#1: "Koi suru kokoro" by eufonius (ep 1) #2: "Michishirube" by Yuumao (eps 2-7) #3: "Michishirube" by Masumi Asano (ep 8) #4: "Michishirube" by Kana Ueda (ep 9) #5: "Michishirube" by Yui Horie (ep 10) #6: "Michishirube" by Yukari Tamura (ep 11) #7: "Kimi no Tame ni Dekiru Koto" by Yuumao (ep 12)
Kashimashi is the story about a boy hit and killed by a spaceship, then aliens bring him back to life and reconstruct his body as that of a girl's because that's what they thought he was. Now that we're past the bogus premise, we can focus on the series as what it really is; a touching, thoughtful romance.
After the smoke clears on the ridiculous catalyst, the series quickly turns into a love triangle between the newly-female Hazumu, the girl Yasuna whom Hazumu has always had a crush on, and Tomari who is Hazumu's childhood friend since he was a boy. The various reactions and plot progression revolving around Hazumu's gender-bender are taken with extreme and realistic care, but just as the series picks up some serious steam, it is all exchanged for some needless episodes revolving around mostly useless supporting characters. Fortunately, the series dives back into the drama for the final round of episodes, demonstrating some serious characterization and relationship changes that make Kashimashi more than a throw-away love story.
With a more thoughtful narrative comes more thoughtful characterization as well. Hazumu is a surprising character, not necessarily apathetic to his/her new gender, but not overdramatic about it either. The real shining stars in this drama though are Yasuna and Tomari. You know right off the bat Hazumu will end up with one of these girls (this IS labeled shoujo-ai after all), but they make the love triangle much more richly complex than it had to be with their own personal feelings. This is actually a good thing. Supporting characters are abound, mostly for comic relief, but they don't interfere with the main characters so they aren't too much of a distraction.
The animation is pretty standard for today's anime, clean-looking and a relatively bright color pallette. It flows well throughout.
The gentle melodies of the BGM are nice, but not particularly memorable. The OP is fair as well, but the ED deserves some special credit, being the melancholic gem of the music.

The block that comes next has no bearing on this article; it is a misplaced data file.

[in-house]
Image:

Kashimashi is a series that, for me, becomes finer with every viewing and the subtleties to the characters shine more as well. It is a series that started with a ridculous premise and strived to overcome it's Achilles' heel to becomet he best romance it could be. Putting romance ahead of fanservice, Kashimashi is a delightful surprise of a series that, while a little cliched, never settles for being a cookie-cutter romantic drama.
Manga, Game, Anime: The first incarnation of “Kashimashi ~Girl Meets Girl~” was a manga series, with story by Satoru Akahori, and art by Yukimaru Katsura. It started its run on May 21, 2004 in Dengeki Comic Daioh, with a new chapter released every month; currently, there are four volumes out. The manga has been licensed Stateside by Seven Seas Entertainment, and the first volume was released on December 25th, 2006.
A game based on the series, entitled “Kashimashi ~Girl Meets Girl~: Hajimete No Natsu Monogatari”, was released on March 30, 2006, for the PlayStation 2, published by Marvelous Interactive and developed by VRIDGE. The game itself is a visual novel, and is rated 12+ by the Japanese rating system.
And the anime itself was twelve episodes long, and ran in Japan from January 11 to March 29, 2006 on TV Tokyo. Studio Hibari, who are also famous for “Petite Cosette” (2004) and “Oroshitate Musical Nerima Daikon Brothers” (2006), was the studio behind this show, and Nobuaki Nakanishi directed. The anime has been licensed Stateside by Media Blasters as of October 2006, and runs under the title “Girl Meets Girl”.
Story: Mkay, here's your basic series overview for Kashimashi:
Boy (Hazumu) gets rejected by girl he's had a crush on (Yasuna), after being urged on by girl friend who may possibly have a crush on him (Tomari). Boy goes off by self, is slammed into by alien spaceship, which looks extremely phallic. Boy dies, is revived, and has a sex change. Rest of series centers around boy-turned-girl’s relationships with two aforementioned girls and others, and eventually ends up in a love triangle with the two girls.
And that’s Kashimashi’s story in a nutshell. The story itself is full of plenty of twists and turns, and never plateaus. You get to know each and every character that’s involved in the main plot intimately. It also has a tendency to get to you, because of the both of the above; this series is probably the closest I’ve ever come to crying during an episode.
The series ends up being a combination of screwball comedy, romance, with a hint of melodrama. Frankly, that’s a relief, considering that it easily could’ve taken a turn into hentai or something of the like. Fanservice does appear almost every episode, but it only plays a small part overall, and doesn’t drive the series.
The only gripes that I have are that some characters have a tendency to fall into certain roles, and that just about everyone seems to fall in love with Hazumu at some point or another.